It starts and ends at Oregon.
And while Katie Rainsberger acknowledges the startling synchronicity, she’d rather focus on the race and see past the setting.
Rainsberger — a fifth-year senior from Colorado Springs — competed as a distance runner for two years at Oregon, before transferring to Washington in 2018. She earned 12 All-America honors along the way, both in cross country and track and field. And fittingly, she’ll return to Eugene, Ore., this week to close her college career at the NCAA Outdoor Championships.
On Monday, Rainsberger took a familiar route 285 miles south, past Portland, to her former home.
Come Saturday, she’s hoping to leave with hardware.
“It is kind of funny that it is coming full circle, this time in purple,” Rainsberger said Monday, while making the drive south from Seattle to Eugene. “But I’m trying to really not approach the race any differently than any other race that I would be competing in. I think you have to be pretty level-headed and be able to manage the stress of a championship-style race, and not really approach it any differently.
“So while it is special and I’m really excited and super grateful for the opportunity, I’m just trying to approach it the same way I’ve been approaching races all season.”
Speaking of which, more has changed for Rainsberger than a jersey color. After previously competing primarily in the 1,500 meters, she made a sudden switch this spring to the 3,000-meter steeplechase — an obstacle race that includes both hurdles and water jumps.
The move was met with immediate, transcendent success.
Specifically, Rainsberger finished second at the Pac-12 championships in May, simultaneously breaking a school record and posting the fourth-fastest time in Pac-12 history (9:38.84). She then easily won her heat with a time of 9:47.38 at the NCAA West Preliminaries in College Station, Texas, qualifying for an Oregon homecoming to close her college career.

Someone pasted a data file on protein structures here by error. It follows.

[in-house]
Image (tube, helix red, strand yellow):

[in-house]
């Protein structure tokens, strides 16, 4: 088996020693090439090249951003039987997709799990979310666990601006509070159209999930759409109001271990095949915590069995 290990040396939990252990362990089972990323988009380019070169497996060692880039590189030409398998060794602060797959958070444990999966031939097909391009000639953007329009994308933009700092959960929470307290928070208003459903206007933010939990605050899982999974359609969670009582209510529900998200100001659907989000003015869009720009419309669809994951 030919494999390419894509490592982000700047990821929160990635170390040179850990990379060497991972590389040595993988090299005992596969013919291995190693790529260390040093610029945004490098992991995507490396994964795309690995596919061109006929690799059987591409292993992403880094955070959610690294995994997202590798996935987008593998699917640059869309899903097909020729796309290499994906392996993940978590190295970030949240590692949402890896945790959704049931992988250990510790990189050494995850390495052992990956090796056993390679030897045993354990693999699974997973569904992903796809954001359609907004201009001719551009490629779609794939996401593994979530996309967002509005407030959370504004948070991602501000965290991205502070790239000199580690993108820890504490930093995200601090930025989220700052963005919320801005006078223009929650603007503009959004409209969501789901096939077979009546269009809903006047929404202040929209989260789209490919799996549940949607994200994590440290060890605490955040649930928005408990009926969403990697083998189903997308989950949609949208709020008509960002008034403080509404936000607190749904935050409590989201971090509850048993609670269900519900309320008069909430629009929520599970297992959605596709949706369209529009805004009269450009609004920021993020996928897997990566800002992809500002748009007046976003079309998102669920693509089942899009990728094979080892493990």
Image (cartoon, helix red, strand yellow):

Not bad for a fifth-year senior who has competed in the steeplechase four total times.
“I was talking about this with (UW director of track and field and cross country Maurica Powell) the other day, and I don’t think either one of us was like, ‘Hey, you should run the steeple.’ It was a mutual decision to give it a go, and if it didn’t go well, no harm, no foul. It doesn’t matter. You just try something new,” Rainsberger said.
“I’ve always been pretty athletic. I do some pretty dynamic weight-room lifts. So we were just like, ‘Let’s just see how this goes.’ The first one out I just fell into this rhythm. I loved the technical aspect, the thrill of having to clear the barriers. It’s not very often that you get to say as a fifth-year senior that you’re trying a new event, and there’s something exciting about that as well — seeing the progress.”
Of course, that accelerated progress shouldn’t come as a surprise. While her mother, Lisa Rainsberger, won the Boston Marathon in 1985, Katie grew up primarily as a soccer player. She actually started running as a way to stay in shape for soccer, before a 4:40 mile in her sophomore year of high school forced her to consider an alternate competitive path.
In that sense, the steeplechase — which combines soccer’s athleticism and distance-running’s agility — is uniquely suited to Rainsberger’s skill set.
“The more success I had in running, the more I started to love it,” she said. “But at the same time, soccer is such a team sport. It’s a team atmosphere. I really wrestled with not wanting to give that up. But I fell in love with the way that running made me feel.
“I’m really grateful for soccer, because I feel like it made me a more well-rounded athlete and it prevented me from specializing in a sport at a young age. It gave me a bit of athleticism, which I’m now using in the steeples.”
On Thursday, she’ll use it in the NCAA championship preliminaries, before hopefully advancing to the finals on Saturday. Meanwhile, nearly 300 miles north, her UW graduation ceremony is set for Saturday as well.
“I will be missing the graduation ceremony for a very good reason,” joked Rainsberger, who has earned degrees in human evolutionary biology and medical anthropology.
So yes, in a sense, it ends at Oregon.
But Rainsberger’s race isn’t over quite yet.
“Every time (the thought of this being my last collegiate event) pops up I shut it down,” she said, “because I have some business to take care of before I think about it.”